You may have heard the terms carnivore and herbivore before. But what is a carnivore, and how can you tell if you’re looking at one? Keep reading for helpful definitions of different eating behaviors and examples of carnivores.
Carnivores are meat-eating animals from the order Carnivora. They hunt, kill, and eat the flesh of other animals in their ecosystems as sustenance. Carnivores typically have longer and sharper teeth than other animals that help them attack prey, and they tear meat when they hunt.
They differ from other heterotrophs, which also consume other organisms, in the following ways:
- Carnivores eat other animals.
- Herbivores eat plants and seeds.
- Omnivores eat both plants and animals, including insects and/or larvae.
Depending on where they fall in their food chain, carnivores may be the apex predator in their habitat. Carnivores that are lower in the food chain may be hunted by other carnivores. Each predator/prey relationship depends on the specific ecosystem.
While all carnivores eat other animals, they don’t always have the same diet. You can get more specific with the type of carnivore you’re talking about by looking at its prey. Different types of carnivores include:
- Avivores are bird-eating carnivores.
- Insectivores are insect-eating carnivores.
- Molluscivores are mollusk-eating carnivores.
- Piscivores are fish-eating carnivores.
You can find examples of carnivores in every ecosystem on earth. Whether they live on land, in the water, or in the air, there is always a bigger animal waiting to prey on a smaller animal. In some cases, you can even find carnivorous plants that wait for their insect prey because they can’t hunt for them. Here are some examples for meat-eating animals and plants in different ecosystems.
Land-dwelling carnivores have evolved for optimal hunting behavior. These adaptations include keen eyesight, bendable wrists for jumping after prey, and high levels of speed for outrunning animals. Carnivores on the land may hunt other land-based animals, or they might catch swimming or flying animals as well.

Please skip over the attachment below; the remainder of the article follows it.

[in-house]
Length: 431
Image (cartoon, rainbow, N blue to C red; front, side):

Check out these examples of carnivores that live on the land:
- back bear
- giant panda
- house cat
- polar bear
- red fox
Each of these carnivores depend on smaller animals to hunt and eat as sustenance. However, the animals they hunt depend on their ecosystem. Raccoons and lions are both carnivores, for example, but raccoons eat insects and fish while lions hunt zebras and gazelles.
Meat-eating animals live in the water, too. Both saltwater and freshwater carnivores get their food by hunting and eating fish, amphibians, crustaceans, and other herbivorous and omnivorous animals. Ocean, river, lake, and pond ecosystems all depend on carnivores to stay balanced.
Here are some examples of aquatic meat-eating animals in saltwater and freshwater habitats:
- great white shark
- orca whale
You may think that the great white shark is the apex predator of the ocean ecosystem. But actually, the orca (or “killer”) whale has been known to hunt and eat white sharks. Each of these predators help to regulate the fish supply of the oceans, just like how crocodiles and otters manage the fish population in freshwater habitats.
Many carnivores swoop down on their prey from the skies. These skilled hunters are always searching the ground for small insects and animals. They use sharp, hooked beaks and talons to grab and eat their prey. Insectivorous birds, such as sparrows, bluebirds, and swallows, have blunt beaks that are ideal for catching worms and other invertebrates.
Here are some examples of carnivorous birds:
- chicken (insectivorous)
- crow (insectivorous)
- flycatcher (insectivorous)
- phoebe (insectivorous)
- sparrow (insectivorous)
- swallow (insectivorous)
While birds’ diets are limited by their ecosystems, they typically have many types of prey to choose from. A hawk may hunt a mouse, a lizard, or a snake if they’re available. Penguins usually choose from the selection of fish in their habitat (and avoid the seals who are trying to hunt them).
Carnivores hunt other animals in order to feed themselves and their offspring. Like other heterotrophs, they both depend on and help to maintain the ecological balance in their food chains. Check out more examples in an article about heterotrophs in different food chains.